Kawasaki Z1000ST cafe racer

Bigzy – Broken Spoke Kawasaki Z1000ST

Kawasaki Z1000ST cafe racer
“The Kwaka had stood still for at least 5 years and was running on only 3 cylinders. It puked fuel from the carbs and looked rather unloved.” Joe recalls. “The tank was rusty inside and the rear end of the bike was only loosely put together in preparation for a trike conversion that thankfully never happened. The electrics were relatively untouched and once I had it going again the 24,000-mile engine ran strong.”
Kawasaki Z1000ST cafe racer
“When I set out to buy a bike I was originally looking for a late 70’s Z1000 to build a Mad Max Toecutter replica. However, aside from them being prohibitively expensive, it’s been done many times before. I then spotted the Z1000ST on eBay. It had the right stance and looked brutish. It kind of gave me the impression that it was constantly pissed off and might want to kill you given half a chance, so I bought it.
I like to build bikes using non-runners or projects that have stumbled. They bare scars which I like to leave evidence of. Those scars are what make each bike unique. The way I usually build is to get the bike running and registered so I can ride it. This allows me to put a few miles on it, figure out what needs work and how I want to alter its design. I always sketch out an idea before committing to it and with the Big Zed, or Bigzy as she became known to my mates, I knew I wanted 4-into-4 pipes and that it had to sit long and low.”
Kawasaki Z1000ST cafe racer
“I’m a stickler for paint perfection and whilst it’s not totally perfect, most people would be hard-pressed to notice. With the clip-ons and the dual sport knobbies, I expected it to look great but go round a corner with all the poise and precision of a deflated balloon. Fortunately, that’s not the case at all. On a recent ride out I enjoyed carving up the dales and keeping pace with a couple of mates on more modern machinery. Once I began to trust the tires there was ample grip to really throw the bike into turns. I’ll admit that it would probably handle better on some road tires, but it just wouldn’t have the same vibe.”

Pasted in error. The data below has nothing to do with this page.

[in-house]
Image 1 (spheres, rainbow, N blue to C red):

Kawasaki Z1000ST cafe racer
“As for the exhaust and carb tuning affecting power, it’s definitely got lots of low down grunt. It’s more fun to ride around town than before and I enjoy racing between traffic lights (although I don’t condone that sort of behavior). The angry growl of the exhaust also persuades cars to make more space for me.

I love riding older bikes that are running old parts. You can ride as hard as you dare and have all the fun you want without breaking too many road rules. This is why Bigzy isn’t wearing many modern parts and the few upgrades I have made are either period or hidden like using sintered pads.”
Kawasaki Z1000ST cafe racer
  • Home brewed stainless 4 into 4 short kicked out pipes with baffles
  • Custom seat covered by DP Leathers
  • Rear frame chopped and lengthened by 2 inches
  • Lowered by 2 inches front and rear
  • Bandit 1200 rear shocks
  • Welded steel clip-on bars
  • Paintwork was done in-house with rattle cans. (“Its all about how much effort goes into the preparation”)
  • Hand shaped rear mudguard and under seat tray
  • Aftermarket headlight and indicators
  • Heidenau K60’s tires


Kawasaki Z1000ST cafe racer
Joe builds his bikes under the brand of Broken Spoke Motor Works, a name that hints at the kind of motorcycles he chooses for his projects. Thankfully after all the lows 2016 dealt him, Joe is now back on a high.


Photography by John Reed

Kawasaki Z1000ST cafe racer

Joe Gibbons had a tough 2016. Along with a string of health and personal problems dragging him down he lost his job just before Christmas. Things were looking pretty bleak until he found solace in a motorcycle. As the story goes, late last year Joe hired a van and set off on a 600-mile journey to collect a 1980 Kawasaki Z1000ST that would, over the following 6 months, get him back on track.